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A large Roman bath-and-gymnasium complex is one of the most impressive monuments at Arykanda, some of its walls preserved to the height of the vault.

What do you know about Arykanda (or Arycanda)? In all likelihood little or nothing: although the place is a fairly well-studied ancient settlement, having undergone nearly fifty years of excavations, it is hardly a household name. Certainly, those travelling in Lycia have a chance to come across it, and archaeologists interested in that region and its neighbouring ones are certainly aware of the site - but archaeologists working elsewhere and specialists in ancient history in general may never encounter its name during an entire career. Nothing of much importance to anyone not living there is reported ever to have happened at Arykanda.

This historical obscurity may be due mostly to Arykanda's remoteness, both in the past and the present. Although it appears to have been quite an affluent settlement for maybe half a millennium, straddling the last two centuries BC and the first three or so AD, it was probably never much more than a local centre, not one of the better-known ancient cities found closer to Lycia's coastline, places such as Xanthos, Myra or Patara. Of course, the history even of those places is fairly obscure, as is that of Lycia in its entirety, compared to the ancient hubs elsewhere in modern Turkey, which contains super-sites like Ephesus, Miletus, Pergamon, Aphrodisias and so many more.

Arykanda possesses a very fine Hellenistic stadium, from the third or second century BC. Only just over 100m (350ft) long, it is shorter than such structures usually were, perhaps due to the terrain, but its slopeward seating is very well preserved.

It is precisely this remoteness and relative obscurity that define the unique charm of Arykanda. Located about 25km (15mi) inland from the coast east of Demre (ancient Myra), the site sits on the steep side of a fairly narrow valley, and between 700m (2,300ft) and 820m (2,700ft) above sea level. It guards one of the few direct access routes from the Lycian shore to the uplands that make up most of Central Anatolia.

Surrounded by forested slopes and overlooking a peaceful landscape of small-scale agriculture, Arykanda is a place of great beauty and serenity. That's probably why it is sometimes called the 'Turkish Delphi', but the comparison is (to my mind) not a good one. It's true that both sites are in slope-side locations and consist of multiple terraces, but Delphi (in Central Greece) was a hugely important sanctuary supposedly self-chosen by one of the most powerful gods (Apollo), considered the centre of the world, and an oracle visited every four years for many centuries by thousands of people from all over the Greek, and later Roman, World. Arykanda was precisely the opposite, a much quieter place, doing its own thing locally, perhaps serenely, and not relying on projected glory or legend. If there is any truth to the Arykanda-Delphi comparison, which seems to be used in nearly every reference to the site, it resides not in any analysis, but simply in the fact that both places are extraordinarily beautiful. It will do.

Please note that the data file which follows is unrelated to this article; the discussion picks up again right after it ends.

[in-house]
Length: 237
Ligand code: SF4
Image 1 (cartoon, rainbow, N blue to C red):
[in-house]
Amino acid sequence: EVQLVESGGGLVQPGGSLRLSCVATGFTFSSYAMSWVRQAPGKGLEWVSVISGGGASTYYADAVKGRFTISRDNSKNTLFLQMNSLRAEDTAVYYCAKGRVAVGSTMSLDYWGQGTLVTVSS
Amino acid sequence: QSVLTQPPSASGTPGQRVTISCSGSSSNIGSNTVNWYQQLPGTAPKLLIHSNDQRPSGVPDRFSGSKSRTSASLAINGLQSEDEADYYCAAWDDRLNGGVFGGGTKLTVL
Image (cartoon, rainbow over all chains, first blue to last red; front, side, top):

Here's a satellite view of Arykanda, courtesy of Google. Zoom out to see the full extent of the site!

So, Arykanda is indeed beautiful.

What exactly is it? Located along one of the main north-south routes through the mountains of the area, and in a wider opening of the valley, it is a strategic spot of sorts, with access to some good land and lots of water. There is scant evidence of any settlement in the Bronze or Early Iron Age, and the name with its -anda ending appears to be Lycian, meaning of the lost Indo-European language that we know to once have been spoken in the area. We don't quite understand when Arykanda became a town, though. Archaeological evidence would suggest the third century BC, as there is nothing earlier there that looks very urban. Considering that urbanism came late to Lycia, this is not too unusual.

The Upper Agora of Arykanda was the original core of the settlement, lined with shops and public buildings, including a bouleuterion or council chamber to the left of where the photographer stood, and the Temple of Helios, god of the sun, on the beautifully-constructed pedestal further back.

The original settlement at Arykanda appears to have been placed on a series of terraces, artificially-levelled areas made to provide space for buildings in this steep terrain. Most importantly, it has an agora, an assembly space with shops, shrines and public buildings, among them a bouleuterion (a council chamber for the body running the city) and several temples. This is the most defining feature of a Greek-style city, so its presence arguably makes Arykanda one. Other typically Greek features include a small but lovely stadium (possibly of the third century BC), and an extraordinarily fine theatre (maybe of the second or first century BC) - theatres appear to have been very popular/desirable structures for Lycian settlements of that era. Additionally, multiple inscriptions indicate that public life in Arykanda operated in Greek at the time. All of this indicates that Arykanda gained or created its urban identity during an era when the dominant cultural influence was Hellenisation, the process of Greek cultural habits being adopted by communities in southwestern Anatolia.